This issue of
Citylife

The Life of Wine

It’s January. The carols have been sung, the eggnog has been drunk, and the little baby Jesus once again failed to turn up at the party I held in his honour. Oh well, at least the world did not end as the Mayan priests predicted and that was certainly worth celebrating with a glass or two of wine. So wine and religion – what’s the deal?

Just to be clear, the Mayans didn’t drink wine – in fact, nobody tasted wine in the Americas (even though there were vines all over the place) until the Spanish brought it across with syphilis – but they did drink blood, I think, which makes them harder than the Christians, who merely pretend to drink blood. However, nearly all civilisations across the rest of the world were producing wine.

Wine has been around for at least five thousand years and has been used to drink the health of the gods for just as long. The Sumerians, Egyptians and Persians loved a drop. Each worshipped a goddess dedicated to wine and no self-respecting Pharaoh ever seriously considered making the journey aboard Ra’s boat to the afterlife without several amphorae of wine to help him on his way.

The Greeks and the Romans drank a great deal of wine and both had slightly insane gods to make sure there was a plentiful supply: the Greeks had Dionysus, the Romans bowed to Bacchus. As any son of the supreme god at that time was expected to do, he got involved in some quite fantastic adventures, and was also associated with boozy rituals of ecstatic madness.

For Christians, wine is certainly no less important. Exodus in the Old Testament may never have been written if the Hebrews had not been persuaded to abandon their beloved vineyards, get on their donkeys and head for the Promised Land where a far better drop than the Egyptian rubbish they had been drinking was said to be waiting for them in the local taverna.

Wine is also referred to numerous times in the best-selling biography to the King of the Jews. John tells us how the Son of God got everybody dancing in Cana by introducing the idea of a free bar. Indeed, some historians believe the whole water into wine trick was crow-bared into the Bible as a way of proving to those still not convinced by the new Christianity that Jesus was just as cool as Bacchus.

Central to Christian worship is the Eucharist, or Communion, or whatever you want to call it. The whole issue of what Christ was on about when he suggested devotional cannibalism to his mates after a few glasses at their last meal together has understandably led to confusion and 2,000 years of arguing. I’ve always thought that rather than quibbling about whether Jesus meant the bread and wine becomes his body and blood, or is representational of his body and blood, church leaders might have spent their time better coming up with something less macabre for Communion. Like a vase of flowers? I bet there was a pretty vase of flowers at the Last Supper that could have represented Christ’s soul or something – “Sniff this Geranium, for ‘tis the soul of Christ”, perhaps. Whatever, wine remains a fundamental part of Christian worship and the demand for squashed grapes kept monks across Europe extremely busy and, I assume, happy. The contribution to winemaking made by these tonsured toilers cannot be underestimated.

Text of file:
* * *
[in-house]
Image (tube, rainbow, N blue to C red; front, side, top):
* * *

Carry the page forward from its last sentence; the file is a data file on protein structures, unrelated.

And all is not lost for abstemious Muslims. Although told in no uncertain terms that wine on this earthly plain is the handiwork of Satan, the Qur’an suggests that for the virtuous, rivers of delicious wine will flow for those wishing to slake their thirst with a glass of plonk in the next life. In fact, the text of the Qur’an actually praises wine pretty early on as a gift to mankind, but the scribes were probably hit with a ruler by the Imam, and told to rewrite it as the creation of Beelzebub.

Good old Buddhism actually rejects the use of alcohol as its consumption is seen as something that makes the path to enlightenment trickier to negotiate. But Buddhism is a wonderfully casual religion in which interpretation of the rules is very much down to the local community and the individual. In Thailand it is definitely customary to drink something more potent than coconut juice at a funeral to wish a loved one good luck as they continue on that path.

As for Hinduism, Taoism and Confucianism, the rules have changed through the centuries, but wine is generally accepted as part of the various rituals just so long as those attending the rituals can string a sentence together, keep their trousers on and don’t try to get off with the priest.

Nearly all religions have had to come to terms with the fact that wine has been keeping people happy and healthy for thousands of years. They’ve had no choice but to strike an uneasy balance with the grape. Religions will continue to come and go as they have for centuries. Wine, however, will continue to sustain the body and soul as it has done for millennia. And that’s a nice thought.